Presidential Use of Force in the Drone Age

42 Pages Posted: 18 Jan 2014 Last revised: 17 Nov 2015

See all articles by Scott Boddery

Scott Boddery

Gettysburg College

Graig Klein

Binghamton University

Date Written: January 16, 2014

Abstract

The diversionary hypothesis has advanced substantially and now recognizes that opportunities to use force diminish when a president’s need is greatest. Drone technology, however, now supplies presidents with an opportunity-creating tool. The War on Terror’s ever-present, stateless belligerents and the relatively insignificant operating costs of drone technology have fundamentally altered the cost-benefit calculus underlying use of force abroad allowing for stronger theoretical linkages between domestic political conditions and a president’s foreign policy decisions. Using data measuring drone strikes outside of congressionally sanctioned warzones, we show that political and economic domestic conditions indeed influence the president’s use of drone force.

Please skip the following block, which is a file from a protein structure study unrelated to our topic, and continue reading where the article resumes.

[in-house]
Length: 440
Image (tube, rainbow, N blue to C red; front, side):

Keywords: Foreign Policy, Domestic Politics, Presidency, Terrorism, Drones, Executive Power, Political Use of Force

Suggested Citation

Boddery, Scott and Klein, Graig, Presidential Use of Force in the Drone Age (January 16, 2014). Available at SSRN: https://ssrn.com/abstract=2380151 or http://dx.doi.org/10.2139/ssrn.2380151

Scott Boddery (Contact Author)

Gettysburg College ( email )

300 North Washington Street
Gettysburg, PA 17325
United States

Graig Klein

Binghamton University ( email )

PO Box 6001
No Address Available

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